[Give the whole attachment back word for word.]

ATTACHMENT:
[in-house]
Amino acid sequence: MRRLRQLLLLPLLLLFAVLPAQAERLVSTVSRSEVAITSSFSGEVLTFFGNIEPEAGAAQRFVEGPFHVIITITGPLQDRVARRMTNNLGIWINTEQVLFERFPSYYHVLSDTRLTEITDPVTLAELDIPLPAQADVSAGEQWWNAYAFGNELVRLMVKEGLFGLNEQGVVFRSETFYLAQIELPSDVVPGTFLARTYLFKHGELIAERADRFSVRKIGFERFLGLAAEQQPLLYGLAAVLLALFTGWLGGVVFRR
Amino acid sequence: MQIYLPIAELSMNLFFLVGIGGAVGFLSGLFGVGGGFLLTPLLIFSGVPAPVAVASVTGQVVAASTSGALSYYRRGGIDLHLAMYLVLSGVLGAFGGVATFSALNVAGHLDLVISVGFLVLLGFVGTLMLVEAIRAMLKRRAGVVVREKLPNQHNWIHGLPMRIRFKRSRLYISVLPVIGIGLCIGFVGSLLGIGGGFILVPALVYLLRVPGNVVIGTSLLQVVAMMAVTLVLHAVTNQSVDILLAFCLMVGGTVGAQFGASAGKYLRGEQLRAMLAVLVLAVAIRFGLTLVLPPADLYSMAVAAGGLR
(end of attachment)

[in-house]
Amino acid sequence: MRRLRQLLLLPLLLLFAVLPAQAERLVSTVSRSEVAITSSFSGEVLTFFGNIEPEAGAAQRFVEGPFHVIITITGPLQDRVARRMTNNLGIWINTEQVLFERFPSYYHVLSDTRLTEITDPVTLAELDIPLPAQADVSAGEQWWNAYAFGNELVRLMVKEGLFGLNEQGVVFRSETFYLAQIELPSDVVPGTFLARTYLFKHGELIAERADRFSVRKIGFERFLGLAAEQQPLLYGLAAVLLALFTGWLGGVVFRR
Amino acid sequence: MQIYLPIAELSMNLFFLVGIGGAVGFLSGLFGVGGGFLLTPLLIFSGVPAPVAVASVTGQVVAASTSGALSYYRRGGIDLHLAMYLVLSGVLGAFGGVATFSALNVAGHLDLVISVGFLVLLGFVGTLMLVEAIRAMLKRRAGVVVREKLPNQHNWIHGLPMRIRFKRSRLYISVLPVIGIGLCIGFVGSLLGIGGGFILVPALVYLLRVPGNVVIGTSLLQVVAMMAVTLVLHAVTNQSVDILLAFCLMVGGTVGAQFGASAGKYLRGEQLRAMLAVLVLAVAIRFGLTLVLPPADLYSMAVAAGGLR